By Senator Ted Gatsas
Two years ago, New Hampshire made a commitment to allow our needy seniors to stay in their own homes as long as they could. This was because we believed that it was important to provide our elders the opportunity to choose where they wanted to live and maintain as much dignity as possible. Sadly, special interest politics in Concord might now mean that we are breaking that commitment and forcing seniors into nursing homes.
In 2005, the legislature joined with the Department of Health and Human Services to pass a law to make sure that we first looked to allow seniors who use Medicaid to stay in their homes and communities as long as possible before going to nursing homes. We had heard from many seniors across the state just how important remaining independent was and we came together to make sure that keeping seniors at home was our first choice.
That year, we also passed a budget that put our money where our mouth is. If we did a good job and we could keep more seniors in their homes instead of nursing homes, we wanted to ensure that the funding would follow them as well.
So far the results have been great. More seniors than ever have been able to stay home. At the same time, our nursing home numbers for people using Medicaid have dropped to their lowest point isyears. This should be a cause for celebration from both the seniors as well as the taxpayers, since it costs much less to keep someone at home than at an expensive nursing home setting. It’s a true win-win situation.
That’s when the politics kicked in. The state’s nursing home industry got upset, since suddenly they have fewer and fewer people to care for, and this means that they are losing money.
According to HHS, since we have fewer seniors in nursing homes and more in their homes, we have a surplus of $6 million in one area and a $2.9 million deficit in the other. In the real world, that should mean that the seniors are getting the type of care they want and the taxpayers should be getting back $3.1 million. That seems like a pretty good deal for the state.
Of course, in Concord these days, the taxpayers mean a lot less, so the nursing home industry put in a bill to give the entire surplus to the nursing homes and leave the seniors who are in their homes high and dry. To be clear, the nursing homes want more money because they are doing less work, and the taxpayers pick up the tab, while seniors at home get left out in the cold.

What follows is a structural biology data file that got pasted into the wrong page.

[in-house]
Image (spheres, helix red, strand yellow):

To put this in perspective, imagine going to get an oil change and dropping your car off in the morning and being told the price will be $30. However, when you go to pick up your car in the evening, the manager tells you the cost will be $60, because he usually gets 100 customers and only got 50 today. In essence, the nursing homes want the taxpayers to pay for their empty beds.
So, when HHS Commissioner John Stephen brought an item to Fiscal Committee to transfer the $2.9 million from the nursing homes to the home care, we discussed the possibility of the nursing home lobby’s bill, but we made the transfer because it was consistent with the intent of the current budget and the legislature’s commitment to keeping seniors at home.
Unfortunately, to finish the transfer, it must also be approved by the Governor and Executive Council. Sadly, the nursing homes have been able to convince this group that the law that is currently being considered by the legislature is more important than one that is already on the books. They have let this item wait on the table, just as seniors will be forced to wait for home care if this item isn’t passed.
It is truly unfortunate when politics comes before taking care of people who need services. It’s even sadder when we put special interests before the seniors of New Hampshire. However, that appears to be the current state of affairs in Concord today. Regrettably, the seniors who need care don’t have people lobbying for them.
So, we need to step back and ask ourselves this: Are we truly committed to keeping our seniors in their own homes or not?
Senator Ted Gatsas (R-Manchester) is the Senate Minority Leader and represents Manchester Wards 1,2, and 12, Bow, Candia, Dunbarton and Hooksett..